COLUMBIANA - A fire levy approved by voters in 2010 will pay for a new ladder truck for the department, and Fire Chief Rick Garrity has found the truck they need.
Garrity approached city officials last week to tell them about the truck that would be manufactured by Pennsylvania-based KME. He said the department has been saving money over the last two years and has enough for a $250,000 down payment on the total estimated cost of $585,432.
"We started talking about this back in 2005, identifying the need for the ladder truck. In 2010 we put a levy on and one of the major selling points of the levy was that we would purchase a ladder truck," he said.
The five-year levy brings in about $240,000 a year for the department and Garrity said that since it was approved he has applied for two federal funding grants, but in both cases the request was "kicked out in the first round."
He explained the federal government is cutting back grants every few years and doesn't expect the money to go much further. If awarded, it would have covered roughly 90 to 95 percent of the cost, he said.
With that off the table the department can still purchase the truck, however.
Finance Director Mike Harold told council the department has the money available to take out a loan for the truck while maintaining a "sufficient budget."
He suggested a $250,000 down payment and three-year loan to pay for the truck, but presented other options to council as well. He said that as of this week the fire fund, which has built up over the last couple of years, was at $570,000.
The department operates on roughly $140,000 and brings in little more than $316,000 in revenue annually, he said.
"We have been saving the last few years. We really never increased our budget at all since we got the levy approved," Garrity said.
He also said the goal is to have the all new red and black truck paid for by the end of the levy, which is up in 2015. He noted that since the truck is on a state term schedule the department will get a fair price.
State term means the bidding is handled by the state on the department's behalf.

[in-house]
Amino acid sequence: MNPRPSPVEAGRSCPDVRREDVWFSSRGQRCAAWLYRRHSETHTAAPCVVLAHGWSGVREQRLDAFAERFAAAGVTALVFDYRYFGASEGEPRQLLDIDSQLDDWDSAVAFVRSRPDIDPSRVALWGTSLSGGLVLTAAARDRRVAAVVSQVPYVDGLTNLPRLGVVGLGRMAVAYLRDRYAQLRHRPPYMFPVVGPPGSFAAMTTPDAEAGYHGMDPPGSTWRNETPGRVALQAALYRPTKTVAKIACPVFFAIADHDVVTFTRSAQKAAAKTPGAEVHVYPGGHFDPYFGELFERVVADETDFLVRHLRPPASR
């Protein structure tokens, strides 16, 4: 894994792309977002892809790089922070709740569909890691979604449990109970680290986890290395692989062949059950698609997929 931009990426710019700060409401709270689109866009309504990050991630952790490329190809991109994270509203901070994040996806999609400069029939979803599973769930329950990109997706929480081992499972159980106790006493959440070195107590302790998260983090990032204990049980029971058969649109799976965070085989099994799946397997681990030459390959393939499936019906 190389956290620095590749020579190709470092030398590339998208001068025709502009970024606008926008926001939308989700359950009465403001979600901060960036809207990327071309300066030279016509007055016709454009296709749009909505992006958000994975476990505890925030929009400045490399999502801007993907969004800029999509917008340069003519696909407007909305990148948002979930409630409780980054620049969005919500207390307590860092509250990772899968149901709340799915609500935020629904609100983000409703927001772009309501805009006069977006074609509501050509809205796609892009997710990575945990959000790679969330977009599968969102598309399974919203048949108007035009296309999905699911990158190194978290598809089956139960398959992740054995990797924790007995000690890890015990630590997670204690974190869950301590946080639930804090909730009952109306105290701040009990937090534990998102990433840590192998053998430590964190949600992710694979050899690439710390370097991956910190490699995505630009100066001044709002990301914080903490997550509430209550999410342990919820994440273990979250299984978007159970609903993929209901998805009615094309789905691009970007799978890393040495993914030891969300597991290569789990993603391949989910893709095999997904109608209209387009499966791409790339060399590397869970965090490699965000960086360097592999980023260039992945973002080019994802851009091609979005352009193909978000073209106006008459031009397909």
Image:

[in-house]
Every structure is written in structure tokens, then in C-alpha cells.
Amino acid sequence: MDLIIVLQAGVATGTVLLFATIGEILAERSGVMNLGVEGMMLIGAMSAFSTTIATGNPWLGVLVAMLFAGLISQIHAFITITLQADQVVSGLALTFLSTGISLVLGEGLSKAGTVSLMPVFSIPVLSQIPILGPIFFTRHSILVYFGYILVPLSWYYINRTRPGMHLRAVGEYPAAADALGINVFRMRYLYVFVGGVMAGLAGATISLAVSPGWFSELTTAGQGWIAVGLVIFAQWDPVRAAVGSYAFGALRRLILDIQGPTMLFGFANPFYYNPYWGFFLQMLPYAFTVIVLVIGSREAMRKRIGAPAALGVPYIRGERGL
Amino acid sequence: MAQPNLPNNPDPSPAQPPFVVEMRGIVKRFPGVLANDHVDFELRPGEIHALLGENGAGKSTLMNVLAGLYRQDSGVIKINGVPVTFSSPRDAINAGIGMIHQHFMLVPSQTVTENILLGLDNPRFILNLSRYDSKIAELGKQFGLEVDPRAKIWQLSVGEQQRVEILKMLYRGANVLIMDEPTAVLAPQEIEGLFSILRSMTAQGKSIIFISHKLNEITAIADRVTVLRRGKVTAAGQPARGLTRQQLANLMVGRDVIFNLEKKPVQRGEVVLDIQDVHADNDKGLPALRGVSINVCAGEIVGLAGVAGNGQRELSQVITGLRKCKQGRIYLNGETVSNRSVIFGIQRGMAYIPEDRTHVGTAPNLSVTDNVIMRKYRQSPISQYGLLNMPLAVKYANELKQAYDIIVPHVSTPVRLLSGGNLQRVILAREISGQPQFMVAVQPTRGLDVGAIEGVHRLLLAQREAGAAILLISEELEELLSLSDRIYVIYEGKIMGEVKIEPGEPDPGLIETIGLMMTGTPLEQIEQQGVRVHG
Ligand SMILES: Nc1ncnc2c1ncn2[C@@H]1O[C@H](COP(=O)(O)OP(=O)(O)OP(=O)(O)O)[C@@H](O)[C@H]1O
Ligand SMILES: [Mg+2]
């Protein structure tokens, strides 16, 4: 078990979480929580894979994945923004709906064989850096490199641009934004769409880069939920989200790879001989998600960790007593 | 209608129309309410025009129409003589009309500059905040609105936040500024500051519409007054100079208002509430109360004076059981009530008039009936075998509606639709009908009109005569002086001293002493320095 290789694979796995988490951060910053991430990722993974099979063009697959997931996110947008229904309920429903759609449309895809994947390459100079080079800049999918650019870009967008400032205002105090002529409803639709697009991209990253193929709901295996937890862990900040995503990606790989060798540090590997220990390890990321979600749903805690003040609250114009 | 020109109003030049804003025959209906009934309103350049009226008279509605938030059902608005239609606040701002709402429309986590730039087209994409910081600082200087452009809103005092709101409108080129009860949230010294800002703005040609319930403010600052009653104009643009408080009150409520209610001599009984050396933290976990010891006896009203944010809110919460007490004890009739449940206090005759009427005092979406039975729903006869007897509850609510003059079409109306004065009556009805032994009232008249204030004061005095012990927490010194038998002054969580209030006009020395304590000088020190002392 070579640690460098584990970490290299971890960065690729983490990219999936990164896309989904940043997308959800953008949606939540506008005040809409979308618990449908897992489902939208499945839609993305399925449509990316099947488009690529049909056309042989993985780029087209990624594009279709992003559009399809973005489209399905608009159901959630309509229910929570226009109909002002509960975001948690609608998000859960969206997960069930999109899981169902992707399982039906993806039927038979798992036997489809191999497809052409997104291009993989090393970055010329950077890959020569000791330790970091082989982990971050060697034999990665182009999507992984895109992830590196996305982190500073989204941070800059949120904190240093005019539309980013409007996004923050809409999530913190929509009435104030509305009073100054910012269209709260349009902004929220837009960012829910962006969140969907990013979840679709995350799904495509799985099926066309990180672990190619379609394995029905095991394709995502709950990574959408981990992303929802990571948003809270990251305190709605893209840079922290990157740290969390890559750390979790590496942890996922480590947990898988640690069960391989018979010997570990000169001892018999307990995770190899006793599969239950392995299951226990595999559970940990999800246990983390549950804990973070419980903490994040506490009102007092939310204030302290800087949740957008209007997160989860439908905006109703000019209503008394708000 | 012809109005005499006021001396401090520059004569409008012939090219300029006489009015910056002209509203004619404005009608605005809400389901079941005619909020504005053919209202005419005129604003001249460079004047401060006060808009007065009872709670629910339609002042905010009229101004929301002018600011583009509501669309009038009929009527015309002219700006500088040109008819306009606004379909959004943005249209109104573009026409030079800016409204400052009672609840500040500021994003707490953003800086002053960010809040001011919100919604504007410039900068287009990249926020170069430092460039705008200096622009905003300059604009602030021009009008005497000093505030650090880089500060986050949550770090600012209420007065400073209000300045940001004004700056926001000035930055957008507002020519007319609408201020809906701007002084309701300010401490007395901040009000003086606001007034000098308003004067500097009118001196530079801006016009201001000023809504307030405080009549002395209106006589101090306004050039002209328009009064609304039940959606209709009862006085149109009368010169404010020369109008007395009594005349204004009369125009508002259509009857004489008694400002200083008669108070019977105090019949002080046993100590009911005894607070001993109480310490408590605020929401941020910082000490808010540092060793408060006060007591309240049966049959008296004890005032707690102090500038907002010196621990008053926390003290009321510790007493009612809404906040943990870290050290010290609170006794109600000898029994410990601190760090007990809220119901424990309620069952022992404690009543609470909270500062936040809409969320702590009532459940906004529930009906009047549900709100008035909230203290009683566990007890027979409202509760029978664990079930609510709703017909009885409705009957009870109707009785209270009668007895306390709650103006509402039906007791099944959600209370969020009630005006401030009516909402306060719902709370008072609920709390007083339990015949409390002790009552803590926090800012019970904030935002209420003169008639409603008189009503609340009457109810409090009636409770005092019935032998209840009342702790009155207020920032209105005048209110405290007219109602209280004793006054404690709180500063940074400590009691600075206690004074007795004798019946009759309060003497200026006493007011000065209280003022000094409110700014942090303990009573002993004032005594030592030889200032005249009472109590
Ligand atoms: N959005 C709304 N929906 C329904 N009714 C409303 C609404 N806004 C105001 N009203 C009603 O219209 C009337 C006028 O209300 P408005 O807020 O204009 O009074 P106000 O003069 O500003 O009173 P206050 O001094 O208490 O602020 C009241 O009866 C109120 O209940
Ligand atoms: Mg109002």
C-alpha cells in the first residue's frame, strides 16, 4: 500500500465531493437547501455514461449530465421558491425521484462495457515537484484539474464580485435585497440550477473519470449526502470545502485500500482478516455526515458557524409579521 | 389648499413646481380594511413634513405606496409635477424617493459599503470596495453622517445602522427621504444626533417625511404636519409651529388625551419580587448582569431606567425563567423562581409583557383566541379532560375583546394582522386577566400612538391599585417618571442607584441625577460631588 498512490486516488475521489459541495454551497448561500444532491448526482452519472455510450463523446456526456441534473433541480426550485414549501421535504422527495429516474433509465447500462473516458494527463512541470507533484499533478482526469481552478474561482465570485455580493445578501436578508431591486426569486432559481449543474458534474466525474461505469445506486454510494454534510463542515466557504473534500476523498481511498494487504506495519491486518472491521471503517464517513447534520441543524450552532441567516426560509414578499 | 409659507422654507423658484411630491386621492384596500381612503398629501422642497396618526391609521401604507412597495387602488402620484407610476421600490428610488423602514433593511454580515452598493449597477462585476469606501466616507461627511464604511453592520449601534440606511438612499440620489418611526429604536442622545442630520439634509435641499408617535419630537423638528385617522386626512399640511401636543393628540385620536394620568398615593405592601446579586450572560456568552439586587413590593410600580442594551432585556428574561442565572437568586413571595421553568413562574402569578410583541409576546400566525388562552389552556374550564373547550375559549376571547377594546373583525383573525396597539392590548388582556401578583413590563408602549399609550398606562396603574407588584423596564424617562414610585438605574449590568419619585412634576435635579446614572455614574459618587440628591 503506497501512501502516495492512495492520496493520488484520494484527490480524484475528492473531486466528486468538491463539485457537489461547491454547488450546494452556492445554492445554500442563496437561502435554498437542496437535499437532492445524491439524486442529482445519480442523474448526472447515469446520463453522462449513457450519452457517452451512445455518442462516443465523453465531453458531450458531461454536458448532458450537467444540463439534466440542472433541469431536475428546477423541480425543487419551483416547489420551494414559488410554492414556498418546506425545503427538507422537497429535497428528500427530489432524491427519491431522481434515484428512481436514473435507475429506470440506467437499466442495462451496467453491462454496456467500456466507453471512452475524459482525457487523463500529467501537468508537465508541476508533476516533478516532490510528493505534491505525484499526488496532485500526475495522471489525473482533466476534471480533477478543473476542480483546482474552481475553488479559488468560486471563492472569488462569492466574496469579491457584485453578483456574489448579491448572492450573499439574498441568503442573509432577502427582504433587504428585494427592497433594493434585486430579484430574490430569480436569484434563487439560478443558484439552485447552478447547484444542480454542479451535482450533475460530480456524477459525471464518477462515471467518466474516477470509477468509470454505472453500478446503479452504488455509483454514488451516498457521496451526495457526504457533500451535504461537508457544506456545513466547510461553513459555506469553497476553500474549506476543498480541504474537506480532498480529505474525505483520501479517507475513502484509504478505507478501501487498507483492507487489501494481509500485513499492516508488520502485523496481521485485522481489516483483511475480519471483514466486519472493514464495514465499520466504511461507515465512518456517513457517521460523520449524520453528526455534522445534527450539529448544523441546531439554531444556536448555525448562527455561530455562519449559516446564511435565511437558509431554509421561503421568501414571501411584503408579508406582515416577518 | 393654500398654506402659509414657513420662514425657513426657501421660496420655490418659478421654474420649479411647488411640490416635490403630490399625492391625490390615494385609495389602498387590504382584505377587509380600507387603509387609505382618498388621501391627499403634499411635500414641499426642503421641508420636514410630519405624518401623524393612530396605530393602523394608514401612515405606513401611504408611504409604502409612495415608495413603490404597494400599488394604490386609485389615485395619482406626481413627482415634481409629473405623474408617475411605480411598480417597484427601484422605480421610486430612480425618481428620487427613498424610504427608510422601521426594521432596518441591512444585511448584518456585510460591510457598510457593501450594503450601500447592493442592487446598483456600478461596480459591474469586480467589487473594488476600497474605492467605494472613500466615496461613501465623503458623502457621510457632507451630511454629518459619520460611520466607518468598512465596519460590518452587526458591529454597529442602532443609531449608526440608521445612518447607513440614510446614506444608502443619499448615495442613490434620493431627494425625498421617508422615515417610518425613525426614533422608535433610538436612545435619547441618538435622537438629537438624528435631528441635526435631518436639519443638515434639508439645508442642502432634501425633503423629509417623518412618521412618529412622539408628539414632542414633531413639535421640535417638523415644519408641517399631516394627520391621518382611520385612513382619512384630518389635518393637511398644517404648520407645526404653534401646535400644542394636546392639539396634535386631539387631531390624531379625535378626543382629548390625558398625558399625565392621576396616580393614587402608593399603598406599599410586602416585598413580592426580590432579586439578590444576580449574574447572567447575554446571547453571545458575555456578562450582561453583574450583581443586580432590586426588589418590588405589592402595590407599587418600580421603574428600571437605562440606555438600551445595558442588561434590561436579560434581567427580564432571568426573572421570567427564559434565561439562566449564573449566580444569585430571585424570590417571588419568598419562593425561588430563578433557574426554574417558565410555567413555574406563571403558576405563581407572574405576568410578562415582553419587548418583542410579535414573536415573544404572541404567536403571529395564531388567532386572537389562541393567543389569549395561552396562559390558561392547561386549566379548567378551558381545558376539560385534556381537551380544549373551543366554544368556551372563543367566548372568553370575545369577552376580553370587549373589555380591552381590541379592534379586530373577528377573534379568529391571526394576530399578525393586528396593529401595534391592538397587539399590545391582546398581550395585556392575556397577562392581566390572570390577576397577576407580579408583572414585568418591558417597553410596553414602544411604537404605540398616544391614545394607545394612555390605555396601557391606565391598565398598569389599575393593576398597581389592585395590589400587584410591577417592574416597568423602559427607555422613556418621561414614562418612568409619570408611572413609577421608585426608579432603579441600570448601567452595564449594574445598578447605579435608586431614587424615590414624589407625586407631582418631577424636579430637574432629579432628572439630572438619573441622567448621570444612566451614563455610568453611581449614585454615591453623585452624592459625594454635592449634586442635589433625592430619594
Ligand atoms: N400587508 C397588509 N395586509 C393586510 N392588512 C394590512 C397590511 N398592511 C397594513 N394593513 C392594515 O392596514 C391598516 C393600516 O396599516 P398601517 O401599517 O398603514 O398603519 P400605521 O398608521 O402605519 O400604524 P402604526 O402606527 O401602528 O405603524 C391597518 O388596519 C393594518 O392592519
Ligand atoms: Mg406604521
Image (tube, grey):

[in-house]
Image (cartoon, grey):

Garrity said the truck the department wants has a 79-foot-tall, 26-inch-wide steel ladder, which is the largest in the industry and features the highest side rails in the industry.
He added that a stokes basket can be slid down if needed and that steel was chosen over aluminum because of its durability in heat.
"When you're up there 79 feet in the air it's scary and you want the best you can get. You don't get a lot flex in this truck, it's a very well built piece of equipment The goal is to keep our men off the roof because when (the roofs) fail they fail big time," he said.
The truck would carry 400 gallons of water - 200 more than most ladder trucks - and will fit inside the fire station on West Friend Street, he added.
Councilman James King asked if the large truck would be able to fit down some of the smaller side streets or navigate some of the turn-arounds.
Garrity said it shouldn't be a problem and that if it couldn't turn around they would have to back it down the street, which they already do with the trucks they have.
"I think we can probably get to about everything in Columbiana with this truck," Garrity said.
Councilman Bob Bieshelt asked if the department could save up more money and pay for the truck with cash as opposed to taking out a loan, but Garrity responded that in the future a new truck would be more expensive and interest rates could be higher.
Councilman Bryan Blakeman suggested the department make more than one loan payment a year to scale down the interest rate faster.
Council did not take action on Garrity's proposal during its meeting.